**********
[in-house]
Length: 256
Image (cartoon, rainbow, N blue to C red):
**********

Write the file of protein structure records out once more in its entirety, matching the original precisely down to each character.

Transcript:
[in-house]
Length: 256
Image (cartoon, rainbow, N blue to C red):